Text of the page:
Updated: Federal Government picks towns for NBN bush kick-off
- 01 July, 2009 12:22
The Federal Government has opened a tender process seeking candidates to build, operate and maintain backbone transmission links to regional towns as part of the first steps in its $43 billion national broadband network (NBN) plan.
Locations identified in the Regional Backbone Blackspots Program as first off the rank include: Wonthaggi, Leongatha, Korumburra, Inverloch, Foster, Yarram, Victor Harbor, Broken Hill, Darwin, Geraldton, Emerald and Longreach.
Tender documents state the government will retain ownership of the fibre optic cable assets and associated passive infrastructure.
Each location (with the exception of Geraldton) is to receive a minimum of 24 optical fibres but alternative technologies, such as microwave, will be considered for small elements of the rollout.
For the first five years, tenderers will be expected to exclusively maintain and operate the backbone transmission link(s). The NBNco will then take over this role on behalf of the government but may retain the original tenderer to provide the same or equivalent services. The government is also offering the option of funding for the establishment of the new backbone transmission infrastructure. The tender closes on August 5.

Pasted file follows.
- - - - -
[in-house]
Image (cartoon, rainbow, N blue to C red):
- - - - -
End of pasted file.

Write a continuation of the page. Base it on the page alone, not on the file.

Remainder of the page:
“The Government is moving rapidly to deliver the National Broadband Network and will start work on high-speed infrastructure for an initial six priority regional locations,” the Minister for Broadband, Communications and the Digital Economy, Senator Stephen Conroy, said in a statement.
“This immediate action will result in new high-speed backbone links to stimulate competition and better broadband services in regional Australia.”
“It is just the beginning and the National Broadband Network will ensure high-speed broadband is also expanded to all homes, schools and workplaces across Australia.”
The plan to give the bush a head start in the NBN was first announced in April, just weeks after the government abandoned the initial tender process for a fibre-to-the-node (FttN) NBN in favour of a self-run fibre-to-the-premises (FttP) model.
In recent weeks a growing throng of ICT industry figures have pointed to the broad array of opportunities the NBN could offer to counter concerns the discourse is too focussed on fast Internet. The most recent person to add their voice was Gartner research director, Robin Simpson, who pointed to the potential of the NBN to drive the uptake of 802.11n based wireless networks.